Supreme Court Case Could Change Vaccine Lawsuits
The Supreme Court is set to hear the first arguments Tuesday in a vaccine injury case that pediatricians and medical malpractice lawyers worry will drastically change how patients sue vaccine manufacturers in this country.
By law, families who want to sue for vaccine injuries must first go through a special "vaccine court" created by the 1986 National Childhood Vaccine Injury Act (NCVIA). The Supreme Court must now decide whether a family can sue without going through vaccine court, on the grounds there was a defect in the design of the vaccine.
Russell and Robalee Bruesewitz, the plaintiffs in Tuesday's case, are not the first to try to sue outside of vaccine court, but their case may decide how the cases of hundreds of other families suing vaccine manufacturers proceed.
Their daughter, Hannah Bruesewitz, was 6 months old in 1992 when she received her third scheduled dose of the whooping cough-tetanus-diphtheria (DTP) childhood vaccine. Soon after, doctors diagnosed her with a seizure disorder, developmental problems and encephalopathy, a condition that can lead to permanent brain damage according to a bulletin hosted by Cornell University Law School.
When the vaccine court ruled DTP vaccine did not cause Hannah's medical conditions, the Bruesewitz family brought a civil case against vaccine-maker Wyeth on the grounds that their vaccine was defective by design. The vaccine court is officially known as the Office of Special Masters, and was established within the U.S. Court of Federal Claims.
Wyeth countered that the family had no right to sue outside vaccine court on grounds of a defect in vaccine design, and the 3rd U.S. Circuit Court of Appeals agreed.
The American Academy of Pediatrics (AAP) says if the Supreme Court reverses the decision, it will flood civil courts with expensive lawsuits that may put the nation's supply of childhood vaccines at risk.
"We very much wanted to make sure vaccine manufacturers are out of the line of lawsuits," said Dr. O. Marion Burton, president of the AAP. "Otherwise, we end up with nobody producing vaccines, and nobody making new vaccines."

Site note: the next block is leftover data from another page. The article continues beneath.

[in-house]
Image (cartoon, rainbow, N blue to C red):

However, vaccine injury lawyers say if the court finds in favor of Wyeth (now owned by Pfizer, Inc.), the decision will block crucial lawsuits that could reveal unknown risks of vaccines.
"It would be a pretty narrow exception — it really narrows the scope of what you can bring out of the vaccine court," said Jennifer Maglio, an attorney with Maglio Christopher Toale & Pitts, a Sarasota, Fla., firm that specializes in vaccine injury cases. Maglio said a ruling in favor of Wyeth would limit civil lawsuits to rare situations where the design of a vaccine was not in question. For example, cases in which the manufacturer allegedly mislabeled the vaccine, or contaminated it.
The creation of vaccine court
In the early 1980s, a high volume of vaccine injury cases with large settlements had pushed vaccine makers out of business. Only one manufacturer of DTP remained, and it threatened to stop production, according to a letter published in 2007 in the New England Journal of Medicine.
In response, Congress created NCVIA and the new "vaccine court," which had no jury, no-fault decisions and fewer requirements to prove injury than in civil court.
Instead of relying on juries — and the wide range of rulings inherently possible with juries — the vaccine court turns to the official Vaccine Injury Table of known side effects from medical literature to decide if the vaccine caused the injury.
The court may add or remove complications from the Vaccine Injury Table if emerging research reveals a condition is or is not connected to vaccines.
By the time Hannah Bruesewitz appeared before the vaccine court, her complications had been removed from the Vaccine Injury Table.
"When it [DTP] went out in 1982, there was a one-hour documentary that made that [the Bruesewitz'] claim," said Dr. Paul Offit, who is chief of Infectious Diseases at Children's Hospital of Philadelphia. "It scared a lot of people, including doctors."
Offit said 10 years of research showed no link between DTP and conditions like the ones Hannah Bruesewitz experienced.
What a change would mean
If the Supreme Court decides in favor of the Brueswitzes, families bringing lawsuits could sidestep the vaccine court. This means the cases would be decided by a jury, and would not be held to the standards set by the Vaccine Injury Table.
"But you can imagine how sympathetic a jury would be, even if the medical literature said the opposite," said Offit.
Offit pointed to the example of Bendectin, a morning sickness pill that was taken off the U.S. market after high-cost civil lawsuits alleged the drug caused birth defects. The drug is still used in Canada, and medical literature has not shown it to cause birth defects.
However, Maglio points to Vioxx as a counter example.
Merck removed its popular pain reliever Vioxx from the market in 2004, because it was found to the increase risk of heart attacks. Maglio said civil lawsuits were crucial to uncovering the side effects.
"It really wasn't until people sued that all those studies were released," Maglio said.
Maglio worries the same opportunity for the "discovery" of complications from new vaccines — such as Gardasil — will disappear if the court finds in favor of Wyeth.
"Because of the way the vaccine court is set up, there is no time for 'discovery,'" Maglio said.
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